Very nice column, Sonia. I had almost exactly the same experience growing up in Ireland, desperate to get my hands on rare US Marvel Comics. And driving my parents mad every time we went on holiday to the UK, insisting we drop into each and every newsagent…

The column is titled Comics Without Capes and the first picture has a cape in it. I giggle in happy giggleness!

I’m really enjoying your columns, Sonia. I read what you write and I think “Exactly!” a lot. And you have love for Love and Rockets. And I love anyone with love for Love and Rockets!

I must admit that I simply love my superhero comics. BUT, my very first exposure to comics was in the Dentist’s office when I was little, and it was Asterix. In French no less. But I was still fascinated. I graduated to Lucky Luke, read the Classics Illustrated, and then discovered Marvel and DC, not to mention Corto Maltese and Lt. Blueberry.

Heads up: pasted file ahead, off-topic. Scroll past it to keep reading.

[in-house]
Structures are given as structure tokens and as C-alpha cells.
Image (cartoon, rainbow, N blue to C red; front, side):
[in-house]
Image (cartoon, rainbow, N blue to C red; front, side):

Comics in ANY form are just GOOD!

The first comics I read regularly were Disney and Looney Tunes comics of the 1970s and early 80s. I also encountered the horror comics of that period, which scared me so much that I avoided anything that didn’t have a cartoon character on it. I think this helped me avoid becoming a superhero fanboy until I went to college; this helped give me a more objective, skeptical take on superheroes that could be useful to me if I ever write superhero comics.

My beginning was with Disney characters too (hugely popular in Brazil at the time) and some other Brazilian-produced kid comics. I discovered Marvel/DC when I was 13, and it was instant love. I don’t think I ever touched a “cartoon” comic ever again.